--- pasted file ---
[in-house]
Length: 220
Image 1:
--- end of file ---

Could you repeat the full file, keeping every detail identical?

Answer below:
[in-house]
Length: 220
Image 1: